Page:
The net atmospheric feedback over the equatorial Pacific in the two GFDL models is found to be comparable to the observed value. All other models are found to have a weaker negative net feedback from the atmosphere—a weaker regulating effect on the underlying SST than the real atmosphere. Except for the French (IPSL) model, a weaker negative feedback from the cloud albedo and a weaker negative feedback from the atmospheric transport are the two leading contributors to the weaker regulating effect from the atmosphere. The underestimate of the strength of the negative feedbacks by the models is apparently linked to an underestimate of the equatorial precipitation response. All models have a stronger water vapor feedback than that indicated in Earth Radiation Budget Experiment (ERBE) observations. These results confirm the suspicion that an underestimate of the regulatory effect from the atmosphere over the equatorial Pacific region is a prevalent problem. The results also suggest, however, that a weaker regulatory effect from the atmosphere is unlikely solely responsible for the hypersensitivity in all models. The need to validate the feedbacks from the ocean transport is therefore highlighted.

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James W. Hurrell
,
M. M. Holland
,
P. R. Gent
,
S. Ghan
,
Jennifer E. Kay
,
P. J. Kushner
,
J.-F. Lamarque
,
W. G. Large
,
D. Lawrence
,
K. Lindsay
,
W. H. Lipscomb
,
M. C. Long
,
N. Mahowald
,
D. R. Marsh
,
R. B. Neale
,
P. Rasch
,
S. Vavrus
,
M. Vertenstein
,
D. Bader
,
W. D. Collins
,
J. J. Hack
,
J. Kiehl
, and
S. Marshall

The Community Earth System Model (CESM) is a flexible and extensible community tool used to investigate a diverse set of Earth system interactions across multiple time and space scales. This global coupled model significantly extends its predecessor, the Community Climate System Model, by incorporating new Earth system simulation capabilities. These comprise the ability to simulate biogeochemical cycles, including those of carbon and nitrogen, a variety of atmospheric chemistry options, the Greenland Ice Sheet, and an atmosphere that extends to the lower thermosphere. These and other new model capabilities are enabling investigations into a wide range of pressing scientific questions, providing new foresight into possible future climates and increasing our collective knowledge about the behavior and interactions of the Earth system. Simulations with numerous configurations of the CESM have been provided to phase 5 of the Coupled Model Intercomparison Project (CMIP5) and are being analyzed by the broad community of scientists. Additionally, the model source code and associated documentation are freely available to the scientific community to use for Earth system studies, making it a true community tool. This article describes this Earth system model and its various possible configurations, and highlights a number of its scientific capabilities.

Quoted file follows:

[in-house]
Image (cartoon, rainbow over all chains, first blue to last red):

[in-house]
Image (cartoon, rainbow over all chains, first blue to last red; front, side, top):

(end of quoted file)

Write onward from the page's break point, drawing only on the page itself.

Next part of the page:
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E. Kalnay
,
M. Kanamitsu
,
R. Kistler
,
W. Collins
,
D. Deaven
,
L. Gandin
,
M. Iredell
,
S. Saha
,
G. White
,
J. Woollen
,
Y. Zhu
,
M. Chelliah
,
W. Ebisuzaki
,
W. Higgins
,
J. Janowiak
,
K. C. Mo
,
C. Ropelewski
,
J. Wang
,
A. Leetmaa
,
R. Reynolds
,
Roy Jenne
, and
Dennis Joseph

The NCEP and NCAR are cooperating in a project (denoted “reanalysis”) to produce a 40-year record of global analyses of atmospheric fields in support of the needs of the research and climate monitoring communities. This effort involves the recovery of land surface, ship, rawinsonde, pibal, aircraft, satellite, and other data; quality controlling and assimilating these data with a data assimilation system that is kept unchanged over the reanalysis period 1957–96. This eliminates perceived climate jumps associated with changes in the data assimilation system.